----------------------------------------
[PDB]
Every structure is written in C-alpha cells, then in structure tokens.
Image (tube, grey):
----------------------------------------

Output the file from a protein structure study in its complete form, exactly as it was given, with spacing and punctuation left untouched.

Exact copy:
[PDB]
Every structure is written in C-alpha cells, then in structure tokens.
Image (tube, grey):